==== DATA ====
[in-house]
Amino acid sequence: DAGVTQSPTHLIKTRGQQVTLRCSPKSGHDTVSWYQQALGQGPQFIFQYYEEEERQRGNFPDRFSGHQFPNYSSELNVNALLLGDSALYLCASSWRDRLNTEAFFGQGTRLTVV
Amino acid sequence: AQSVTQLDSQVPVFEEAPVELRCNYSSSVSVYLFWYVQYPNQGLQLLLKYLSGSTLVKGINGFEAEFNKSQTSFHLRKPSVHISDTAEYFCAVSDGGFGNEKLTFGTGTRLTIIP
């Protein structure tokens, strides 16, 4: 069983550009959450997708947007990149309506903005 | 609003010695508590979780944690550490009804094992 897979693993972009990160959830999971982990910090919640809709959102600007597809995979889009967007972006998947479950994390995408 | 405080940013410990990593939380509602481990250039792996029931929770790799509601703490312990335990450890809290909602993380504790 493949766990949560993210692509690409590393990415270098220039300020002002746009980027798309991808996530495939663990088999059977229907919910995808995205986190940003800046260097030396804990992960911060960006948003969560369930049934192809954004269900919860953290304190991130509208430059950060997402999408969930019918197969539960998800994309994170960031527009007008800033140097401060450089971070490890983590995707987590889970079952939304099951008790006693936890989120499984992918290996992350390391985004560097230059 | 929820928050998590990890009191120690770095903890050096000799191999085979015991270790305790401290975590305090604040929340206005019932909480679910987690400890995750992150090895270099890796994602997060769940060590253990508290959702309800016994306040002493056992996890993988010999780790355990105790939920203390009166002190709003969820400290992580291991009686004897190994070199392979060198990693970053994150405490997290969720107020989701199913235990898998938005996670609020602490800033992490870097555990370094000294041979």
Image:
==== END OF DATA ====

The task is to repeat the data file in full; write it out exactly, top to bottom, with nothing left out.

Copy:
[in-house]
Amino acid sequence: DAGVTQSPTHLIKTRGQQVTLRCSPKSGHDTVSWYQQALGQGPQFIFQYYEEEERQRGNFPDRFSGHQFPNYSSELNVNALLLGDSALYLCASSWRDRLNTEAFFGQGTRLTVV
Amino acid sequence: AQSVTQLDSQVPVFEEAPVELRCNYSSSVSVYLFWYVQYPNQGLQLLLKYLSGSTLVKGINGFEAEFNKSQTSFHLRKPSVHISDTAEYFCAVSDGGFGNEKLTFGTGTRLTIIP
């Protein structure tokens, strides 16, 4: 069983550009959450997708947007990149309506903005 | 609003010695508590979780944690550490009804094992 897979693993972009990160959830999971982990910090919640809709959102600007597809995979889009967007972006998947479950994390995408 | 405080940013410990990593939380509602481990250039792996029931929770790799509601703490312990335990450890809290909602993380504790 493949766990949560993210692509690409590393990415270098220039300020002002746009980027798309991808996530495939663990088999059977229907919910995808995205986190940003800046260097030396804990992960911060960006948003969560369930049934192809954004269900919860953290304190991130509208430059950060997402999408969930019918197969539960998800994309994170960031527009007008800033140097401060450089971070490890983590995707987590889970079952939304099951008790006693936890989120499984992918290996992350390391985004560097230059 | 929820928050998590990890009191120690770095903890050096000799191999085979015991270790305790401290975590305090604040929340206005019932909480679910987690400890995750992150090895270099890796994602997060769940060590253990508290959702309800016994306040002493056992996890993988010999780790355990105790939920203390009166002190709003969820400290992580291991009686004897190994070199392979060198990693970053994150405490997290969720107020989701199913235990898998938005996670609020602490800033992490870097555990370094000294041979």
Image: